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When the Need for Cognitive Structure does not Cause Heuristic Thinking: The Moderating Effect of the Perceived Ability to Achieve Cognitive Structure

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DOI: 10.4236/psych.2010.12013    4,756 Downloads   8,778 Views   Citations
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ABSTRACT

This research explores the hypothesis that the relationship between need for cognitive structure (NCS) and the use of cognitive biases is moderated by the perceived ability to achieve cognitive structure (AACS). NCS is defined as the extent of preference to use cognitive structuring vs. piecemeal processing as a means to achieve certainty. AACS refers to the extent to which individuals believe that they are able to use information processing processes (cognitive structuring or piecemeal) that are consistent with their level of NCS. To examine this hypothesis, Study 1 explored the effect of the NCS by AACS interaction on the use of confirmation bias. Study 2, demonstrated this effect on the use of framing heuristic. The results of the two studies confirm the hypothesis.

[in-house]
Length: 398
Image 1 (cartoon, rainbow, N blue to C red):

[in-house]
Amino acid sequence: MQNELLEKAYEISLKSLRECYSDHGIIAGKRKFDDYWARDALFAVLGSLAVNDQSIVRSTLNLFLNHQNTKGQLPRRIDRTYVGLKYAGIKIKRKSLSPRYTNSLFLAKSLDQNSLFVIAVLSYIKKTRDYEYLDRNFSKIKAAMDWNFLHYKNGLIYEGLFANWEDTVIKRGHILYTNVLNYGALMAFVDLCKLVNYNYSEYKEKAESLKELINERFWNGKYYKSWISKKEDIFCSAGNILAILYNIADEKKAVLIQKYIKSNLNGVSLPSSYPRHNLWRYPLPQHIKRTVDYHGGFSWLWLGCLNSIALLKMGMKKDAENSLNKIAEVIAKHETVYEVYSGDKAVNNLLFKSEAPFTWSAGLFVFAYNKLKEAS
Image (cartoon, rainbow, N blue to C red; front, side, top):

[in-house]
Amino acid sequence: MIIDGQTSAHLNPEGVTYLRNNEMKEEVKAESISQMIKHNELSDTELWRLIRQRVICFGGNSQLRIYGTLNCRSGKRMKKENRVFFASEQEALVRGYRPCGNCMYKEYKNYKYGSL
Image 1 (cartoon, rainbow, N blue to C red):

Conflicts of Interest

The authors declare no conflicts of interest.

Cite this paper

Bar-Tal, Y. (2010). When the Need for Cognitive Structure does not Cause Heuristic Thinking: The Moderating Effect of the Perceived Ability to Achieve Cognitive Structure. Psychology, 1, 96-105. doi: 10.4236/psych.2010.12013.

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